Wednesday, December 12, 2012

Queen Noor concerned about women's rights in Arab World

A recent New York Times article revealed the concerns Queen Noor of Jordan has about the lack of progress towards Women's Rights in the wake of the Arab Spring. While women were active participants in the revolutions that overthrew the leaders of Tunisia, Libya and Egypt, it appears that, as in Iran, political Islam has hijacked the revolution and is working to install Sharia Law with the restrictions this imposes.

“It appears again that women’s rights are once again at risk even as revolution progresses,” she said.

In the same conference where Queen Noor made her comments there were other concerns.

Julia Lalla-Maharajh, the founder of the Orchid Project, which is based in London and campaigns to end female genital cutting, said Egypt had “one of the highest prevalences in the world of female genital cutting: according to Unicef statistics, more than 9 out of 10 women are affected.”
“There are worrying reports that have suggested that female genital cutting is on the rise, with one call in Parliament for a ban on it to be overturned,” she said.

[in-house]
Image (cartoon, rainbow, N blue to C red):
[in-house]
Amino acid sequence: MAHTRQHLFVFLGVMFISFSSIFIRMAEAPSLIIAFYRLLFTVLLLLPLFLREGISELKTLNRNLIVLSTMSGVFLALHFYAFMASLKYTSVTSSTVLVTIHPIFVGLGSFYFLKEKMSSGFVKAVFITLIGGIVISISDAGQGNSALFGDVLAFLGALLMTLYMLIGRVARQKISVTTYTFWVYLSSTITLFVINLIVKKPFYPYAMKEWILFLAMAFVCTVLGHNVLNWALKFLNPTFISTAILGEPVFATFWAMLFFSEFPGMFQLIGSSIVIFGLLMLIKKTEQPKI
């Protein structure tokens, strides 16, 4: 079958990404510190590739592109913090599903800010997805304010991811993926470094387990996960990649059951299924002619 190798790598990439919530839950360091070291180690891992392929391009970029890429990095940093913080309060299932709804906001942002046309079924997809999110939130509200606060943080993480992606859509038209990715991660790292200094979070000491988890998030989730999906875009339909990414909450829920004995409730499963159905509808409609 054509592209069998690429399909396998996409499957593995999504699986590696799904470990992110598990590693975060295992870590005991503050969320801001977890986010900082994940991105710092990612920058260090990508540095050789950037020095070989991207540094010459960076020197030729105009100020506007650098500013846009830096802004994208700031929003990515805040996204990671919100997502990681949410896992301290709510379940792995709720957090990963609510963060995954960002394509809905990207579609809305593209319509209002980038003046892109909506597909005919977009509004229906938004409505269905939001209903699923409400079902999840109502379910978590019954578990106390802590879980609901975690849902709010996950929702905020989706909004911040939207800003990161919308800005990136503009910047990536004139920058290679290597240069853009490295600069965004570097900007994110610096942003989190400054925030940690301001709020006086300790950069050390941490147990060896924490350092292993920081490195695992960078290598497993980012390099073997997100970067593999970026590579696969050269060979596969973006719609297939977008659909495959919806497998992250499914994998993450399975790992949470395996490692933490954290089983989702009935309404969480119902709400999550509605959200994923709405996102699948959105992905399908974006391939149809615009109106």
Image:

There were warnings about women’s rights in Western nations, as well. Nazir Afzal, chief crown prosecutor for the northwest of England, said he had dealt with more than 50 so-called honor killings.
“One after another,” he said, “I was seeing these stories of people who were being killed because they had a boyfriend, they kissed somebody in public, they wanted to learn to drive, they wanted to go to school.”

It's hard for me to watch the bright light of revolution over brutal dictators being co-opted by religious fundamentalists who threaten to take the women of this region backwards in time. 

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